She touches my face. "It’s not important." Pause. "I don't want to leave you.”
    I kiss her pale, cracked lips. I trace the fine lines of her face and need words, but her final hours have knocked all the words out of me. I crush a handful of her black funeral roses. She loves flowers. The dark, drooping petals are obscene facsimiles of the purple roses I painted all over our bedroom wall last night while Bascom, Fat Dirty Billy and I stood the deathwatch over her.
    I kick down the three wreaths of roses—one at a time. All around me red flames whisper and grow. Flames eat the dusty pews and the brass and walnut and white satin of the altar and flames climb the paneled walls…
    Ellen says: "You never kissed me like that before."
    "I always meant to."

Two days after our three-month-old daughter Tanya disappeared, Fat Dirty Billy pounded on our door and before I could tell him to go away he’d slapped his business card into my hand: FAT DIRTY BILLY—LIASON LAWYER—I BUY LOVE/I SELL LOVE. He was black jello in red suspenders and baggy, striped trousers, with an expensive Panama slanted across his silver hair.
    I’d never met one of his profession, and I didn't know what to do. The Supreme Court decisions of 1978 had finally made "anything between consenting adults" legal. So I accepted Fat Dirty Billy as just another salesman, then told him I wasn’t buying.
    When he told us he could get our baby back, I threatened, Ellen cried, and we offered to give him everything we owned. When he told us what he wanted, I tried to kill him. And when that was over and his facts had broken our emotions, we knew we had no choice.
    His client, Billy explained, was a Louisiana dirt farmer named Mathew Bascom—a quiet, simple, family man. He was, in Billy's words, the kind of man "what spends Sunday morning singing in church and the rest of the day frying catfish."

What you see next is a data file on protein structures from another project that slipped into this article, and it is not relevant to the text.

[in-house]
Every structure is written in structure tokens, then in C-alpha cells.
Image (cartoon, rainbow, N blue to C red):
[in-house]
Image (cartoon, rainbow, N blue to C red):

Bascom's lifetime dream was to make love to a dead woman. Fat Dirty Billy had fixed him up with New Orleans prostitutes who smeared their naked bodies with wax and underwent hypnocathexis to arrest all life?functions until they were like corpses. But Bascom was not satisfied. He wanted the kind of women it hurts to look at, you want her so bad. He wanted a beautiful woman who was about to die…
    Billy explained how he searched for months bribing nurses to look at medical records, dropping feelers on the grapevine, until he had a list. Then he and Bascom had observed the women. When he saw Ellen, Bascom cried.
    Instead of offering us money, Bascom had taken our child. As Billy said, “He know what he wants, so he don't give a dam."
After discussing every possible alternative with us, Billy made it clear that Bascom was desperate and would kill our baby—and himself—unless we gave him what he wanted.
    No police. No chance for rescue. No choice.
    Billy said he wanted to help us, and if we would agree to Bascom’s terms, Billy would arbitrate the deal. His job was making people happy, he said—not stealing kids. He said he was sorry.
    Then he left us alone.
    "The divorce…" Ellen said. "We'll have to wait…"
    "Don't worry. Tonnie will be okay."